Concerning writing with multiple voices: The general rule in the blogosphere is that you shouldn't do that. It makes it narrows your audience. I can see the rationale for that. The personae that I present at work, at political events, at religious events and at recreational events are different. Yet on the blog, I mix them. A lot of people I know end up having multiple blogs to address this. I have experimented and intermingled all of it.

    As I comment in my bios section, "Persona is a function of context, and my online persona is multifaceted."

    Yet there is something important there. I speak about a single online persona which is multifaceted, as opposed to have multiple distinct, personae that are not integrated with one another. So, if Jo(e) is talking about voices as different aspects of a single person, then there can be great value, but if the voices are 'Sybilized', unrelated and schizophrenic, then there is a problem.

    Okay. That was a long first part of the comment. Perhaps the second part will be briefer.

    My experience is that blogs (and text messaging) are anything but ephemeral. On the text messaging side, I realize I may be an exception. I text message with many people and I archive most of the discussions. I frequently go back to old text messages to get context for my new discussions. I would suggest that this relates to the whole idea of Dunbar's number. The idea of Dunbar's number is that people can only keep about 150 other people straight in their mind. By refering to archives, I can go beyond Dunbar's number.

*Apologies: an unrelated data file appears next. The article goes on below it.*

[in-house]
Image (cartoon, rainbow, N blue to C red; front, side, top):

With respect to blogs, I have to disgree more strongly about the ephemeral nature. Looking at Today's most popular content, the top two were written around a year ago.

    While regular readers of a blog may care less about historical writings, it is the historical writings that draw in new people. (MHO, YMMV).

    By Blogger Aldon Hynes, at 6:16 AM  

  • Fascinating. Regarding the ephemeral and blogs, your point seems counterintuitive to me. But you've got the evidence. I wonder if that's true of most blogs?

    By Blogger John, at 9:38 AM  

  • A lot of people come to my blog via searches that bring them to some very old posts (I hope they click on the header to see the recent stuff).

    I also get a lot of hits, surprisingly, from links on other people's blogs that were posted many months ago. Thus, somebody is reading an ancient post on those blogs and then reading an ancient post of mine.

    Some fanous old posts are several years old and yet people keep linking to them and reading them, the new bloggers rediscover them aover and over again.

    So, lots of fluff (one-liners, today's Cartoon, links of the day...) passes into oblivion, but more thoughtul posts keep living...

    By Blogger coturnix, at 12:50 PM